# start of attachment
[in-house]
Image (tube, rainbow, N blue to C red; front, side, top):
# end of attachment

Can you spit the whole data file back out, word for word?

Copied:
[in-house]
Image (tube, rainbow, N blue to C red; front, side, top):